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Published On: Fri, Dec 18th, 2020

Reps probe viability of scanners at seaports, border Stations

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By Christiana Ekpa

The House of Representatives Thursday mandated its Committee on Customs and Excise to investigate the era of scanners in Nigeria, the contracts, management, cancellations, re-awards, and operations which led to the total collapse of the multimillion dollar scanners in all the sea ports and border stations and report to back within six weeks for further legislative action.
The House also urged the Federal Government to provide viable scanners for Nigerian Ports and Boarder Stations, and in the process, involve relevant stakeholder such as the Nigeria Customs Service and the Nigeria Ports Authority from inception of negotiation.
These resolutions followed the adoption of a motion on: ‘’Need to Investigate the Lack of Transparency in the Transfer of Technical Know-How from Cotecna Destination Inspection Limited to Global Scan Systems Limited,’’ sponsored by Leke Abejide.
Moving the motion, Abejide noted that the Committee on Customs and Excise embarked on a week–long oversight of Zone A of the Nigeria Customs Service Command to ascertain the level of revenue generation and also to find out their challenges in order to find a way of addressing them through Customs budget of 2021.
He said the Committee undertook visit to all Commands and discovered anomalies that if not tackled, the Nigerian Ports would remain at the risk of imminent collapse.
The lawmaker said was appalled at the non-functional scanners rotting away at the Ports which were meant to detect arms and ammunitions concealed in containerized cargoes.
He expressed worries that with physical examination, importers’ containers spend weeks at the nation’s seaports over delayed clearance, such that other containers now spend months to be cleared due to the delay.
Abejide said has no doubt increased cost for importers, estimated to run into millions as businesses pay rent to terminal operators and demurrage to shipping companies for not clearing their goods within a specified time as a result of slow and cumbersome nature of manual inspection of containers at the seaports.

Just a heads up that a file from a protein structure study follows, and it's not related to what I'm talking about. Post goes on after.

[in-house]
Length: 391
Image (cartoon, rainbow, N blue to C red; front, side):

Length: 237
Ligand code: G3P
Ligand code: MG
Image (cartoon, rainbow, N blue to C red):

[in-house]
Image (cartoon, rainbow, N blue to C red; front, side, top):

Recalled that: ‘’In 2006, Nigeria acquired cargo scanners worth more than $120 Million USD, and retained the service providers on build, own, operate and transfer (BOOT) terms. The contract also provided that the service providers were to provide training services and technical support to the Nigeria Custom Service on risk management, valuation and classification. By the end of 2013, the transition process from Cotecna, SGS Scanning Nigeria Limited, and Global Scan Systems Nigeria Limited, the former service providers, were completed and the scanners handed over to the Nigeria Customs Service;
‘’The modernization in the Nigeria Customs did not last very long, as a year after the handover, the scanners had stopped functioning and Nigerian ports and borders were once again returned to the analogue era of 100 percent physical examination. The scanners which were installed at various Customs operational locations such as Tin Can Island Port, Apapa, Port Harcourt Area One Command, Onne Port, Kano, Murtala Muhammed International Airport, Lagos, Seme and Idi-lroko borders, Port Harcourt and Nnamdi Azikiwe International Airports, among others are today littered with non-functioning scanners, an indication that the service providers might have handed over faulty scanners to the customs.
‘’There are lots of intricacies and perplexities in the transfer of scanners from the original manufacturers Smith Detection/Cotecna Destination Inspection Ltd to Global Scan Systems Ltd which led to the total collapse of the multimillion Dollar scanners which, according to the Committee’s findings are better in standard than the scanners in the Port of Doha Qatar. If the scanners were properly maintained using the right technical know–how, they would have served Nigeria for 30 years.’’

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